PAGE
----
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Millennials, here's some bad news for you. Avocados might not be suitable for vegans after all.
I know what you're thinking - they're a bloody fruit, of course they are suitable for vegans. Well, that depends on how far you're willing to take this.
So, by definition, a vegan is someone who abstains from using any animal products whatsoever. That obviously involves not eating meat, no eggs, no honey. Sounds easy, but actually avoiding animal products completely is more difficult than it sounds.
Outside of the stuff that contains animal derivatives that you might never have realised, there are also ways in which animals are exploited to make some of the stuff you'd absolutely have down as vegan-friendly. Stuff like avocados, butternut squash, broccoli, melons, kiwis, and almonds.
You see, some of the places where these things are made involves keeping a few hives of bees around so that the crop can be pollinated.
This is called migratory beekeeping and it's used in the commercial farming of loads of vegetables and fruits. It helps out when there simply isn't enough of a population of bees there to keep it going.
It's particularly popular in places like California. Basically, it's someone's job to transport hives of bees around between farms on the back of a lorry, unpack the bees, let them go about their business, and then drive on to the next job.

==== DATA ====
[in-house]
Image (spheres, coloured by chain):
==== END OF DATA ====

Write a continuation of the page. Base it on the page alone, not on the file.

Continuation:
So, if you're a really hardcore vegan, this will probably not be sitting that well with you.
If you're dead against eating honey because it exploits our friends the bees, then you must also be against the exploitation of those same bees to grow vegetables.
Does that mean that vegans can't eat avocados? Well, it's a personal decision. Just remember that some of them will have been grown with bees used.
Of course, it's not all vegetables, fruits, and nuts that use this method. If you buy locally, or know where you're buying from, then you can make the choice a bit easier.
In the UK, migratory beekeeping is not actually that common. That means that as long as you get decent British fruit and veg, you have a better chance of not exploiting any bees.
That being said, there is absolutely no way that you can be completely sure that all of the food that you eat hasn't in some way been pollinated by a bee that lives in a hive.
It just depends how far you're willing to take it.
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